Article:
EIGHTEEN e-scooter riders have been issued with warnings during a day of action by Dorset Police.
Launched in response to increasing safety concerns surrounding the scooters, the initiative took place earlier this month.
Those handed warnings now risk being reported for traffic offences – with seizure of their e-scooter a possibility – if they are stopped riding illegally again.
E-scooters, two wheeled scooters propelled by a motor, have surged in popularity and divided public opinion in equal measure in recent months.
While official trails in Bournemouth and Poole, though the Beryl scheme, have been sanctioned by government – it is against the law to ride a privately-owned e-scooter on any public land. This includes roads, pavements, cycle lanes, beach promenades, bridleways, or any publicly accessible land such as parks and car parks.
Sergeant Rhys Griffiths said: “E-scooters have become a real issue for some local residents and complaints about improper use have increased among our communities.
“We are also seeing more people riding them as a result of the Government trials taking place.
“However, it still remains illegal to ride a privately owned e-scooter on any public land including pavements, roads and promenades.
“Riders could be committing an offence under the Road Traffic Act 1988 and, if used on the pavement, the Highway Act 1835.
“In short, unless you’ve hired the e-scooter through a Government approved trial scheme you are not allowed to ride it on public land.”
The Government announced locations throughout the UK, including Bournemouth and Poole, where e-scooter rental scheme trials are taking place. This allows individuals to hire an e-scooter from an official scheme and ride legally.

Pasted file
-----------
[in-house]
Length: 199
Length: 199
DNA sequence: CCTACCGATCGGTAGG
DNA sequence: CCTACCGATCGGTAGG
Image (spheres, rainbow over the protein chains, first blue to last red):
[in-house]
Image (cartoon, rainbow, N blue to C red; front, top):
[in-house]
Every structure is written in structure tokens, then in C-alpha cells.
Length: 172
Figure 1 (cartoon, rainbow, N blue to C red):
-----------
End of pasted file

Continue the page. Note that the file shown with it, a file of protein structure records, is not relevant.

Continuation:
However, Dorset Police have stressed that privately owned e-scooters are not part of this trial.
Phillip Ellis, chief executive officer of Beryl, the company running the trial scheme across Bournemouth and Poole, said: “Beryl’s e-scooter scheme in Bournemouth and Poole provides the community with a green, convenient and enjoyable way for people to travel, providing a clear alternative to car journeys.
“As part of the government’s e-scooter trials, they are classed as a type of motor vehicle and require a valid driving licence, insurance and for users to abide by the rules of the road.
“All users of our service need to abide by these laws and are reminded to through safety reminders within our app as well as our terms and conditions.
“In any instance where our vehicles are being misused, Beryl reserves the right to ban the relevant people from our scheme and, where appropriate, will refer the matter to the police.
“We will continue to work with the council, police and other stakeholders to support the safe and responsible use of our vehicles.”
Sgt Griffiths said officers would continue to approach those riding e-scooters on public land, take their details and explain where they can be ridden.
Police have also warned anyone using private e-scooters on public land should stop doing so immediately, or risk being prosecuted for traffic offences and having your scooter seized.
David Sidwick, Police and Crime Commissioner for Dorset, said: “The use of e-scooters has shot up over the last few months and I know from talking to members of the public that a lot of people are very concerned about them – particularly when they’re ridden along pavements and cycle lanes.
“I’m very pleased to see Dorset Police taking proactive steps to tell riders exactly where and how they are allowed to use their e-scooters.
“This advice is very clear and there should be no excuse for anyone riding one of these scooters illegally anywhere in our county.
“I’d also like to echo the warning given by officers that if anyone persists in using their e-scooter on public land, the device could be seized, and they could be prosecuted.”
The day of action took place on Thursday, July 1.